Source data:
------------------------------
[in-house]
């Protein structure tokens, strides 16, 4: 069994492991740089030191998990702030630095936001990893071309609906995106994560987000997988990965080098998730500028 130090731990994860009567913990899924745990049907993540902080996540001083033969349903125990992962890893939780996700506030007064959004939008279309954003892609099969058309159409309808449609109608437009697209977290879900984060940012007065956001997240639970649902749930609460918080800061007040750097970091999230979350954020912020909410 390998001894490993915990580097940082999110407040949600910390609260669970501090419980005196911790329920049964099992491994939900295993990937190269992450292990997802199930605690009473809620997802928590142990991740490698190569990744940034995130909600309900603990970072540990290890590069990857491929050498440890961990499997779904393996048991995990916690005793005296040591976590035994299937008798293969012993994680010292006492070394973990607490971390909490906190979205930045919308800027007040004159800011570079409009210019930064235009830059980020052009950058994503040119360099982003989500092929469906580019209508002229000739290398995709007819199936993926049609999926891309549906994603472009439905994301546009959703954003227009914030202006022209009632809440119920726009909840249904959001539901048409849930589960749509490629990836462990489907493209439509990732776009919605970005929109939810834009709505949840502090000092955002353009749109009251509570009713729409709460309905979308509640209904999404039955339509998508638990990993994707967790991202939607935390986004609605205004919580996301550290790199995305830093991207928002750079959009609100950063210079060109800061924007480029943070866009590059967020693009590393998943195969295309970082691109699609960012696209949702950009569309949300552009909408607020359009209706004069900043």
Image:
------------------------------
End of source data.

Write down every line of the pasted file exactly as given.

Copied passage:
[in-house]
């Protein structure tokens, strides 16, 4: 069994492991740089030191998990702030630095936001990893071309609906995106994560987000997988990965080098998730500028 130090731990994860009567913990899924745990049907993540902080996540001083033969349903125990992962890893939780996700506030007064959004939008279309954003892609099969058309159409309808449609109608437009697209977290879900984060940012007065956001997240639970649902749930609460918080800061007040750097970091999230979350954020912020909410 390998001894490993915990580097940082999110407040949600910390609260669970501090419980005196911790329920049964099992491994939900295993990937190269992450292990997802199930605690009473809620997802928590142990991740490698190569990744940034995130909600309900603990970072540990290890590069990857491929050498440890961990499997779904393996048991995990916690005793005296040591976590035994299937008798293969012993994680010292006492070394973990607490971390909490906190979205930045919308800027007040004159800011570079409009210019930064235009830059980020052009950058994503040119360099982003989500092929469906580019209508002229000739290398995709007819199936993926049609999926891309549906994603472009439905994301546009959703954003227009914030202006022209009632809440119920726009909840249904959001539901048409849930589960749509490629990836462990489907493209439509990732776009919605970005929109939810834009709505949840502090000092955002353009749109009251509570009713729409709460309905979308509640209904999404039955339509998508638990990993994707967790991202939607935390986004609605205004919580996301550290790199995305830093991207928002750079959009609100950063210079060109800061924007480029943070866009590059967020693009590393998943195969295309970082691109699609960012696209949702950009569309949300552009909408607020359009209706004069900043």
Image: